THIS REVIEW OF ‘THE LONE RANGER’ #1 CONTAINS MINOR SPOILERS.
by Clyde Hall. Tattooed horses, pushmi-pullyu ranch names, and mending personal fences. Not always what one expects from a Western comic, but they keep Dynamite’s The Lone Ranger #1, Vol. 3, rolling along at a brisk pace little dogies would appreciate. There’s a helping of action, exposition, and humor seasoned throughout the book as writer Mark Russell hitches his wagon to the masked man’s mythology.
It’s 1887, and owners of large spreads in Deaf Smith County, Texas, are planning an end to the variable boundaries between their land and that of bordering smaller spreads. Barbed wire is their chosen partition enforcer, along with hired gunmen to deal with anyone who might circumvent their perimeter claims by clipping the fences. In fact, as personified here, the big land barons more or less sneer at filed claims and work off of a ‘if we can fence it, we own it’ platform. Their greater plan is a manifesto based on the plantation model of the Southern United States.
Naturally, a peace officer not in the hip pockets of such dastards can’t let this slide, and that includes at least one who wears a mask. But despite a healthy humor regarding his initial encounter with the land barons, even the Lone Ranger recognizes that coping with their retaliation won’t be a one-man job. To him, the situation is reminiscent of another bid for power that left five Texas Rangers cut down, and a sixth nearly dead. Even though the man who saved John Reid in the previous situation isn’t on hospitable terms with him now, Tonto’s still the first person the Ranger seeks out for help in this new conflict.
The Fence Cutting Wars is an actual part of Texas history, and one which involved vigilante justice in some instances. Mostly it was settled by the mid-1880s, though violence and property damage were high. The 2003 movie Open Range portrayed part of the larger free grazing dispute in several Western U.S. states of the era. Russell uses the setting, but it seems mostly fictionalized in the opening issue, without utilizing historical figures or specific events thus far. He also gives us a Ranger who fights smarter rather than harder, and this adds to the adventure even if it raises Silver to an almost mystical level. (Horses are big targets when they close in clandestine ops, just saying.)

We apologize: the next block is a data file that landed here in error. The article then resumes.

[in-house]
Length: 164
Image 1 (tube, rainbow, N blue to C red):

Russell’s dialogue is what elevates the tale, whether it’s the nefarious schemes bandied between bad guys or the Lone Ranger’s personal reflections on dangerous men. He also minimizes the familiar origin flashes, relying on Bob Q’s clean, uncluttered, and vivid style to relay what’s needed. Both add in light touches and smile-worthy details that bestow an overall cleverness to the horse operatic theme. Bob Q balances his color palette well, settling between clandestine meetings of shadowy men and the bright frontier landscape.
Good Western films rely on benchmark sounds, whether it’s the harmonica of Once Upon a Time in the West, or the Foley and sound library masterpieces of reverberating gunshots in everything from The Searchers to The Outlaw Josey Wales. Letterer Hassan Otsmane-Elhaou bestows an artist’s touch and a cinematic flair to the sound effects here, be it the cadence of hoof beats, a detonating keg of gunpowder, or the teeth-jarring thunder of a cattle stampede.
There’s enough excitement in the first issue story stride, and adequate gentle departures from Ranger characterization found in previous incarnations, to keep readers following the series. Though light on some historical aspects, the issue makes up for it with a tale less gritty and more upbeat and quirkier than it might have turned out if grimly lifted from the chronicles of time. It inspires dreams of comeuppance for the oily men waxing villainous over their equally oily and waxed mustaches, and that’s a Lone Ranger adventure on the right dusty trail.
Written by Mark Russell.
Illustrated by Bob Q.
Letters by Hassan Otsmane-Elhaou.
7 out of 10